Good composition occurs when every visual element of a photograph has been placed with intent and plays a precise role that adds to the overall story the photo is conveying. By maintaining a balance of detail and space within a frame, the photographer can create pleasing visual aesthetics while communicating a message.
While some photographers have a natural instinct for good composition, others aren’t so lucky. To help others understand these nuanced elements, photographers have simplified certain compositional structures that are known to work into mathematical elements. These elements are then applied to basic grids that can be taught and reused by any and all photographers, old and new.
But can this rule be used in other forms of media? Say, in digital web experiences?
There are five compositional structures that are commonly used by photographers that lend themselves to digital media:
1. Rule of Thirds
The rule of thirds is the most commonly used compositional grid. By splitting the frame into thirds, a photographer can give proper weight to each element. The general goal for the rule of thirds is to place visual elements on a dividing line, or even better, on an intersection point.
2. Golden Ratio
The golden ratio is likely the compositional type you’re most familiar with. It’s a mathematical breakdown of an event of beauty that occurs everywhere in nature. Also known as the golden proportion, golden number, or divine proportion, it can be broken down as proportional growth by the number 1.618.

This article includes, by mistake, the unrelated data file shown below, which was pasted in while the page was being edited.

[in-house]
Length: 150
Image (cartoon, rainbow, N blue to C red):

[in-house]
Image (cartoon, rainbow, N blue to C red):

The diagonal composition is a more interesting usage of symmetry within a frame that utilizes angles. Here, a photographer can create a sense of movement or action by disrupting the commonly expected grid pattern.
By using diagonal angles converging on a point, a photographer can create leading lines to guide viewers’ attention to a specific focal point within the frame.
5. Z – Pattern
The Z-pattern, also known as the inverted S-curve, is most commonly used in landscape photography. A photographer uses a curve in a river or a windy road to guide the viewers’ eyes around the image.
Photography Composition Usage in Digital Layouts
While the five compositional structures are known goldmines in photography, an examination of three big-name websites reveals their applicability to digital media:
Example 1: Apple.com
Let’s look at Apple’s homepage appearance:
Though many people may not understand why Apple’s designs are so compelling, they are nonetheless visually mesmerizing. Well, to the trained eye, it quickly becomes apparent that much of Apple’s design success is thanks to good composition. An examination of the Apple homepage reveals several examples of the five composition types discussed above:
Rule of Thirds
The Rule of Thirds is typically the most common use case due to the fact that the layout of digital media already works on grids. Grids are used to maintain a visual language throughout a website, as well as maintain a calculated structure throughout multiple breakpoint sizes. As you can see here, the text of the image is strategically placed within one quadrant, while the images are centered around the bottom line.